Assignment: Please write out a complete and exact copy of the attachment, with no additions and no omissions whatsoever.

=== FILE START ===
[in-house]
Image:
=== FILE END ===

[in-house]
Image: